Dwight White II went from being a Division I football player at Northwestern University to being a multidisciplinary artist. A lot of people would say those things don’t go together. But White is reshaping the narrative of what it means to be a Black man; often shoved into a box where society tells you to pick a lane, and stay there.  

With the pressure to provide economically, Black men are often not given the luxury of exploring their creative sides free of backlash. This is true especially for someone who played on the nation’s biggest stage every Saturday as a student-athlete. When he initially pivoted from football, and later a career in marketing, to being a painter, White’s family, typical of most Black families, while supportive, questioned how his passion for art would supply a living wage.

“Growing up, we’re talking about how to navigate this world, especially when the world appears very white to us, especially if you’re set up for failure as a Black man, right? I definitely questioned myself from time to time,” White said. “But going back to healing, [art] always brought me enough joy to mentally be, like, you can do this. I found it to be my purpose. So once I got through that, my self-doubt stopped a little bit.”

Although White’s days on the gridiron are over, the game has given him the perserverence and mental toughness to take a hit, and get back up. In the art world, he’s here to stay.

With EXPO Chicago taking place this weekend, White’s art will be on display across Chicago for free. He’s encouraging locals and tourists alike to explore the city and culture through his eyes by visiting his murals, including:

  • Northwestern Black House (1914 Sheridan Road, Evanston IL): completed in March 2022 
  • @Properties (1874 N Damen Ave, Chicago): completed in September 2021 
  • Loop Alliance (Ida B Wells & Dearborn): completed in November 2020
  • Super Lu (1000 S Leavitt St, Chicago, IL 60612): completed in May 2020.

And on June 17, in celebration of Juneteenth, he’s hosting his third annual “Something I Can Feel” art gala. This event will be followed by two weeks of unique experiences through art, food, healing, yoga and more, all curated by White. 

(This interview has been edited and condensed for clarity).

The TRiiBE: What prompted your move to Chicago?

Dwight White II: So I initially came to Chicago to go to Northwestern [University] and that prompted the move to stay in Chicago. I feel like it’s more unique to me. [In school], I would always visit the city, but I wasn’t immersed in the culture of the city. Post-graduation, I made a point to actually move across the city, [and] start getting familiar with new experiences. I fell in love with it very quickly.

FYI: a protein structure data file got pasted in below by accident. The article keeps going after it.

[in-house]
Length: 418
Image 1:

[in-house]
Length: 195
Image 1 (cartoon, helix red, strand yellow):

Image courtesy of Dwight White II.

When did you fall in love with art?

DW II: That’s always a tough question for me, because I think subconsciously I fell in love with art at a really young age. It was like always my escape. You can probably imagine, like, the kid who’s in geometry and algebra but always sketching [and] doing random stuff off to the side. So I feel like it’s always been a love for escapism reasons. 

I was a [student]-athlete so there was really no time in my mind for art. And so I really fell in love with that again, recognizing that that was something that always brought me joy. I just really made it a priority again as an adult.

As a Black man and multidisciplinary artist, what is your goal when you approach a canvas?

DW II: When I’m approaching the canvas, I’m always thinking about how to display a potential truth, tell a unique story, but also make it extremely visually appealing and relevant to my culture. I think the art world, just like many other spaces, could [benefit from] a little bit more seasoning. More of us could be in it. And so I’m always consciously sprinkling in our culture, whether it’s by choosing a canvas like a mural, a wall that’s in my community, or literally taking a canvas and putting it in a show that’s accessible to my community.

There are some Black people who haven’t been to museums or haven’t been to an art gallery; sometimes because of lack of access and opportunity. You have a background in marketing, and you're a former football player. How does that affect your thought process?

DW II: I think from a marketing standpoint, it affects it significantly. I think about that a lot these days, because you can’t really turn it off sometimes. A marketer is thinking about consumer and insights and how this impacts the people you’re serving your product to. I’m constantly thinking about the delivery, where the artwork shows up, where it exists in the world, how it is gonna affect people mentally. Will they feel something when they see it? Will they feel something if they’re getting permission to touch it?